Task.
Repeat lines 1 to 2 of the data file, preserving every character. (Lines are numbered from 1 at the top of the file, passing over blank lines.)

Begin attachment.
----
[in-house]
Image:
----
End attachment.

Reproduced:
[in-house]
Image: